Myth or Animal: The Chupacabra

From Maine to South America the chupacabra, it is said, has been seen. Russia is also home to a supposed chupacabra encounter. Although eyewitness reports are found in many different places, Puerto Rico is the place where the chupacabra legend originated. This occured in 1987. The eyewitness reports date back to 1990.

Chupacabra means "goat sucker" in Spanish. This creature gets its name from the fact that it is credited with killing pets as well as livestock not by eating them but by draining their blood.

Chickens, horses, goats, sheep, and pets are some of the usual prey of the chupacabra, according to those who believe in the creature. In these cases, the blood of the animal was drunk. More startling is that organs, in some cases, had been taken out of the victim.

The physical description of the chupacabra suggests that is a mixture of a dog-like species, a rodent-like species, and a lizard-like species. Said to be the equivalent of a small bear in size, the chupacabra supposedly has skin that, in color, is a combination of blue green and gray. It is said to have massive claws and fangs. It is said that in the same way a dog's eyes glow blue in the dark, if a light is shone on them, a chupacabra's glow red. Some of the biggest chupacabras are said to be three to four feet high and capable of jumping twenty feet at once. Their movement is described as being similar to a kangaroo's. They hiss and squeal if frightened and leave behind an unfriendly odor.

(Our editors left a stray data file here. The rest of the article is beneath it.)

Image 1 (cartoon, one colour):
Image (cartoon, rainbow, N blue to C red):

Most reputable scientists dismiss the chupacabra as an urban legend. On occasion an animal that loosely fits the description of a chupacabra is found in a trap or by the road. However, most of these have been found to be dogs suffering from mange or another unknown species of animal.

Does it seem possible to you that an animal such as a chupacabra could, in fact, exist?

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